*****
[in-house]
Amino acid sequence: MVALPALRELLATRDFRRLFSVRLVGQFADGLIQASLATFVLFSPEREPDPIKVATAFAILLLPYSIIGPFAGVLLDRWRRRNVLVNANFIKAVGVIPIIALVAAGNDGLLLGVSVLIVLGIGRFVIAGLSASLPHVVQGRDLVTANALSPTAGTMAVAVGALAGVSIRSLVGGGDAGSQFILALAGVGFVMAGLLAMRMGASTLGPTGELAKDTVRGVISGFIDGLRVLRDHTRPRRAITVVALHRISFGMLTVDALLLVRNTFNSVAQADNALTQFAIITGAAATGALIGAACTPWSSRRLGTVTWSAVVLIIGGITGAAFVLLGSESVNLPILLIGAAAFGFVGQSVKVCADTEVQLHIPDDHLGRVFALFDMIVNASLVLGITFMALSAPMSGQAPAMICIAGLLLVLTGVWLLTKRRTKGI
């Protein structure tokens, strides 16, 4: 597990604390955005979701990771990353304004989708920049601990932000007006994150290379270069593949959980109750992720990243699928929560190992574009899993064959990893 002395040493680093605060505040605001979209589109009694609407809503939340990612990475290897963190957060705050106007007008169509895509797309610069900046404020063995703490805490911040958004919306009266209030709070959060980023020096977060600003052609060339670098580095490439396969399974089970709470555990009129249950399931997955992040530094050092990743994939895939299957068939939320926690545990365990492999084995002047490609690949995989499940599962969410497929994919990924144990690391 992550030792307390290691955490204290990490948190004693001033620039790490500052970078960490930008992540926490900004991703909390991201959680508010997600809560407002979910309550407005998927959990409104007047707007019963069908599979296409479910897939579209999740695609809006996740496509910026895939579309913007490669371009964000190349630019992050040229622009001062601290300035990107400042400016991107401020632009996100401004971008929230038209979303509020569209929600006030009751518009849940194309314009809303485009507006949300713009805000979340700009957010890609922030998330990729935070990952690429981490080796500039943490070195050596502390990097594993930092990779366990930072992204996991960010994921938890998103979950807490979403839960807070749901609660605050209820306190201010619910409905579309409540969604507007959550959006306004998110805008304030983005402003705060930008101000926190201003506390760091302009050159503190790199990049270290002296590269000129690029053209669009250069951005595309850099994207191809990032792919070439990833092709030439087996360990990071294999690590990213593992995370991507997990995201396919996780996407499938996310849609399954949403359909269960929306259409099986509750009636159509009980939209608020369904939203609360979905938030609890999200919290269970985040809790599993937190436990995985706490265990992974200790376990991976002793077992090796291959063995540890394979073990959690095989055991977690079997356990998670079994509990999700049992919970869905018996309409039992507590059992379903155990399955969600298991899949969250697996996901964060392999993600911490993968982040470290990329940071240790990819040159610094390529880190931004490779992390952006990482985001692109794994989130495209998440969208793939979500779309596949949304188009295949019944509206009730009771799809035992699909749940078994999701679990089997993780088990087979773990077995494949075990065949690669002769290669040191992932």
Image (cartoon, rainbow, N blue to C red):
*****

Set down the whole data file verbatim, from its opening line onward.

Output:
[in-house]
Amino acid sequence: MVALPALRELLATRDFRRLFSVRLVGQFADGLIQASLATFVLFSPEREPDPIKVATAFAILLLPYSIIGPFAGVLLDRWRRRNVLVNANFIKAVGVIPIIALVAAGNDGLLLGVSVLIVLGIGRFVIAGLSASLPHVVQGRDLVTANALSPTAGTMAVAVGALAGVSIRSLVGGGDAGSQFILALAGVGFVMAGLLAMRMGASTLGPTGELAKDTVRGVISGFIDGLRVLRDHTRPRRAITVVALHRISFGMLTVDALLLVRNTFNSVAQADNALTQFAIITGAAATGALIGAACTPWSSRRLGTVTWSAVVLIIGGITGAAFVLLGSESVNLPILLIGAAAFGFVGQSVKVCADTEVQLHIPDDHLGRVFALFDMIVNASLVLGITFMALSAPMSGQAPAMICIAGLLLVLTGVWLLTKRRTKGI
């Protein structure tokens, strides 16, 4: 597990604390955005979701990771990353304004989708920049601990932000007006994150290379270069593949959980109750992720990243699928929560190992574009899993064959990893 002395040493680093605060505040605001979209589109009694609407809503939340990612990475290897963190957060705050106007007008169509895509797309610069900046404020063995703490805490911040958004919306009266209030709070959060980023020096977060600003052609060339670098580095490439396969399974089970709470555990009129249950399931997955992040530094050092990743994939895939299957068939939320926690545990365990492999084995002047490609690949995989499940599962969410497929994919990924144990690391 992550030792307390290691955490204290990490948190004693001033620039790490500052970078960490930008992540926490900004991703909390991201959680508010997600809560407002979910309550407005998927959990409104007047707007019963069908599979296409479910897939579209999740695609809006996740496509910026895939579309913007490669371009964000190349630019992050040229622009001062601290300035990107400042400016991107401020632009996100401004971008929230038209979303509020569209929600006030009751518009849940194309314009809303485009507006949300713009805000979340700009957010890609922030998330990729935070990952690429981490080796500039943490070195050596502390990097594993930092990779366990930072992204996991960010994921938890998103979950807490979403839960807070749901609660605050209820306190201010619910409905579309409540969604507007959550959006306004998110805008304030983005402003705060930008101000926190201003506390760091302009050159503190790199990049270290002296590269000129690029053209669009250069951005595309850099994207191809990032792919070439990833092709030439087996360990990071294999690590990213593992995370991507997990995201396919996780996407499938996310849609399954949403359909269960929306259409099986509750009636159509009980939209608020369904939203609360979905938030609890999200919290269970985040809790599993937190436990995985706490265990992974200790376990991976002793077992090796291959063995540890394979073990959690095989055991977690079997356990998670079994509990999700049992919970869905018996309409039992507590059992379903155990399955969600298991899949969250697996996901964060392999993600911490993968982040470290990329940071240790990819040159610094390529880190931004490779992390952006990482985001692109794994989130495209998440969208793939979500779309596949949304188009295949019944509206009730009771799809035992699909749940078994999701679990089997993780088990087979773990077995494949075990065949690669002769290669040191992932």
Image (cartoon, rainbow, N blue to C red):